Source:

Project Manager:

Project Number:

213458

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Project Period:

2012 - 2016

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The term "topology" indicates, in a broad sense, a notion of geometric structure, and the basic approach in algebraic topology is to link geometric structures with algebraic structures. It often happens that the algebraic structures can be analyzed more effectively than their geometric counterparts and this is useful, for instance, when classifying various types of geometric phenomena. An incarnation of this principle is given by the algebraic K-theory introduced by D. Quillen: Questions in algebra, algebraic geometry, number theory, and geometric topology are encoded in topological objects known as spectra and are hence made accessible for analysis by the rich machinery of algebraic topology. The main objectives stated in the project description can be summarized as a quest to analyse and calculate the various forms of algebraic K-theory and to link the results with other areas of algebraic and geometric interest.
The study of algebraic K-theory has been an extremely active area of research in algebra and topology during the last fifty years. One of the most successful approaches to the analysis of algebraic K-theory are the trace invariants introduced by Boksted-Hsiang-Madsen. These trace invariants take values in topological Hochschild homology (THH) and an equivariant refinement known as topological cyclic homology (TC). In favourable cases, algebraic K-theory is equivalent to TC, and the later has the advantage of being accessible to calculations by standard methods in algebraic topology.
However, while THH and TC are often easier to calculate than algebraic K-theory, these theories do not have all the pleasant properties known from algebraic K-theory. Notably, the localization sequence for the algebraic K-theory of a Dedekind domain does not have an immediate analogue for THH. Motivated by earlier work by Hesselholt-Madsen and Rognes, it was singled out as a central goal in the project description to construct a logarithmic version of THH that does fit in a localization sequence for the kind of ring spectra relevant for the homotopical understanding of algebraic K-theory. Such a logarithmic theory has recently been developed by project participants J. Rognes and C. Schlichtkrull in collaboration with S. Sagave.
In another but related direction, project participant B. Dundas has, in joint work with A. Lindenstrauss, B. Richter, and C. Ausoni, determined the higher and iterated THH in a number of cases including number rings and finite fields. These iterated theories are important for the understanding of the homotopical properties of algebraic K-theory. In order to understand the equivariant structure of iterated THH, and hence the passage to iterated TC, it is important to have a thorough understanding of the underlying building blocks, that is, the structure of equivariant smash powers. Building on the doctoral thesis by M. Stolz, project participants M. Brun and B. Dundas have in collaboration with M. Stolz produced a comprehensive account of this theory.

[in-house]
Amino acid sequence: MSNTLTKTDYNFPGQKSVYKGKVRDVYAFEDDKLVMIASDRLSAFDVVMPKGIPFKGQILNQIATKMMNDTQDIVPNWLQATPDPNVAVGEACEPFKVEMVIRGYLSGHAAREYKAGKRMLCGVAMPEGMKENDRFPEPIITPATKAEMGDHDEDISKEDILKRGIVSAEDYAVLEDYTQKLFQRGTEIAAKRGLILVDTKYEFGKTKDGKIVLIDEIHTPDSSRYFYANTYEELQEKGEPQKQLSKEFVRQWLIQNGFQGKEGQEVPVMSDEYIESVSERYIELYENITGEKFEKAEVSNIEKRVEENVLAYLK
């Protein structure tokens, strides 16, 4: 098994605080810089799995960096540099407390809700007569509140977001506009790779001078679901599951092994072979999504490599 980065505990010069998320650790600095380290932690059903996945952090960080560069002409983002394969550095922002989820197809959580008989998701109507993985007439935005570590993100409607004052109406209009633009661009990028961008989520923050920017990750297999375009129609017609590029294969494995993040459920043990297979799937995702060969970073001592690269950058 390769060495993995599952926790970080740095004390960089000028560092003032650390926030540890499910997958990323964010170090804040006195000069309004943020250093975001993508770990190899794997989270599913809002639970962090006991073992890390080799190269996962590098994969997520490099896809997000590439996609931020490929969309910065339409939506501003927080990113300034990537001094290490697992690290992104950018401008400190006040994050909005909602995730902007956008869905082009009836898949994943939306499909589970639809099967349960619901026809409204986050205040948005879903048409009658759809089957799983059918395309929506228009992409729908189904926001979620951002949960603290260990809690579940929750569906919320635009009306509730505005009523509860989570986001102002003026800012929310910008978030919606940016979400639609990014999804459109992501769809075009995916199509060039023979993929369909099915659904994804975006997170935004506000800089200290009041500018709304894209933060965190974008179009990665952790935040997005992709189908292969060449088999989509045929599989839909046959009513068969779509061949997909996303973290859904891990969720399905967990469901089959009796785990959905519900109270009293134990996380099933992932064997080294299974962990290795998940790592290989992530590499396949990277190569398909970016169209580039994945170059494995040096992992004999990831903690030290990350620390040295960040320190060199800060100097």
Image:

Besides the trace invariants discussed above, the main approach to the analysis of algebraic K-theory is via the motivic homotopy theory developed by Morel and Voevodsky.
This theory has made it possible to study algebraic varieties by topological methods and two of the main goals stated in this part of the proposal has been achieved by project participant P. A. Østvær and collaborators. The first of these goals was formulated as the questions on how to compute hermitian K-groups in terms of motivic stable homotopy groups and this question was settled in joint work with A. J. Berrick, M. Karoubi, and M. Schlichting. The second goal was to give a new proof of Milnor's conjecture for quadratic forms by an explicit calculation of the slice spectral sequence for the higher Witt-theory spectrum and this has been achieved in joint work with O. Rondigs.
Apart from the work on the main scientific objectives listed above, there have been numerous scientific contributions in related areas by the project participants. These include the work by M. Szymik on non-linear Hochschild cohomology and derived centers and the work by
M. Thaule and coworkers on n-angulated categories. There has also been an increasing interest among the project participants in the various applications of topological methods in data and numerical analysis. In this regard, A. Schmeding, who held one of the postdoctoral positions associated with the project, has played a bridging role in that he has collaborated both with the topology group and the numerical analysis group at NTNU.
The existence of a well-developed topology network linking the institutions associated with the project (NTNU, UiB, UiO) is to a large extend due to support from the Research Council of Norway to this and previous projects. This has been extraordinary beneficial both for researchers and students and is reflected in the high number of joint projects and publications in the grant period.

The concept of symmetry is one of the most fundamental notions in mathematics and in the applications to neighboring scientific fields. One of the main scientific objectives of the project is to analyze the transfer of one fundamental form of symmetry, na mely the symmetry underlying the definition of a commutative algebra over the sphere spectrum, to another fundamental form of symmetry, the periodicity patterns arising from the chromatic view on the stable homotopy category.
The concept of symmetry als o underlies the approaches to motivic homotopy theory and higher order structures in topology suggested by the project.

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